By George Potter
Photo by Andres Rueda
The Barajas international airport just outside of Madrid, Spain, is one of Europe’s busiest airports. With four lengthy runways and extensive passenger and cargo terminals, the facility is considered to be the country’s most important air traffic hub, as it is situated almost directly in the geographic centre of the Iberian Peninsula.
Barajas handles national and international commercial and private air traffic 24 hours a day–some 80 national and international airlines of regular and charter passenger and cargo. Nearly 50 million passengers used the airport in 2010, making it Europe’s fourth most important airport. Last year, the airport handled more than 433,000 take-offs and landings.
At midday, August 20, 2008, Spanair flight 5022, Madrid to Las Palmas de Gran Canaria, a McDonnell Douglas MD 82 aircraft, initiated take-off after having aborted its scheduled take-off nearly one hour previously. The cancelled take-off was apparently attributed to a malfunction of a heat sensor, which was disconnected by a mechanic prior to the second take-off attempt. As the twin engine jetliner rolled along runway 36L gaining speed for lift off, “something happened” just as the aircraft became airborne. It subsequently veered away from the runway, impacted, and broke into several pieces which came to rest in a ravine between two parallel runways. The spilled fuel ignited, spreading fires over and around the sections of the airframe and passengers. There were 172 persons onboard (162 passengers, six flight crew members, and four deadheaded personnel, i.e. those who had not paid for tickets). In total, 146 died as results of impact injuries and/or burns on the scene, six more died en route to hospitals, and two more died later in hospitals. Only 18 people survived; many had been ejected from the aircraft, seats and all.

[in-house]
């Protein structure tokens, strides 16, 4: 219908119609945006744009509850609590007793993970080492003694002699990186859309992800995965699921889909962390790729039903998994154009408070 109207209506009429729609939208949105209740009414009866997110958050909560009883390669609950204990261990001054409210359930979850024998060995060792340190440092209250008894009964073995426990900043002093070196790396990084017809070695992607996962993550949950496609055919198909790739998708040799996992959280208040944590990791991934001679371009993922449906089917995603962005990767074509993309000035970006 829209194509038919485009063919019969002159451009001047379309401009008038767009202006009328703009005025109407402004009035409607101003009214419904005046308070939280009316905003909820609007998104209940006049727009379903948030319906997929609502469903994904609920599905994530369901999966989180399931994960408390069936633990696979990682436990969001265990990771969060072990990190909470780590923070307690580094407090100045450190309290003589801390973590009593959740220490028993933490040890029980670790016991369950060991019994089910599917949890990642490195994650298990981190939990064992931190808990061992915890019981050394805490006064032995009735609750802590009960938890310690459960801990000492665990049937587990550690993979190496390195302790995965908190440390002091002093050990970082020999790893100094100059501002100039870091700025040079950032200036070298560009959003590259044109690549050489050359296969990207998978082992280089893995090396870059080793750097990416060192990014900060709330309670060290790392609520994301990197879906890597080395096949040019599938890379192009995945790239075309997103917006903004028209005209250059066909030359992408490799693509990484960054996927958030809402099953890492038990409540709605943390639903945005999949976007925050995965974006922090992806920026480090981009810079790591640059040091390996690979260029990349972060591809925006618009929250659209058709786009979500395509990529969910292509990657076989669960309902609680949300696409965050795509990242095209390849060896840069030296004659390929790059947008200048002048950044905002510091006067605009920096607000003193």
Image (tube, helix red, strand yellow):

On July 29 of this year, the Spanish government’s Civil Aviation Accident and Incident Investigation Commission (CIAIAC) determined that the pilot and co-pilot committed a series of errors that, combined with mechanical malfunctions and annulments, ground crew faults, and even airline management decisions, all contributed to the crash.
This incident is quite well known throughout the airline world and, in fact, bears similarities with several other aviation incidents: Northwest Flight 255, Delta Flight 1141, Mandala Flight 091, and LAPA Flight 3142. In all of these incidents, failure to deploy flaps and slats were influential in causing the crashes, and these failures were caused by flight deck crew errors. However, in the case of the Spanair crash, the Commission has determined that the ground crew was negligent in handling the heat sensor problem, although they state that the malfunction of the heat sensor itself was not a decisive factor.
The following factors were cited:
- Pilot and co-pilot negligence in not verifying flap and slat deployment because of anxiety caused by the delay of departure;
- A cell phone conversation that distracted the co-pilot at a critical point in time;
- The presence of an unauthorized person in the cockpit;
- Malfunction of the TOWS (Take Off Warning System) that did not warn the pilot or co-pilot of the nondeployment of the flaps and slats;
- Serious “malware” infections to the airline’s central computer system that caused numerous operational problems, including failure to inform the flight crew of several serious problems affecting this particular aircraft; and
- Airline management’s apparent lack of supervision of ground crew technical training.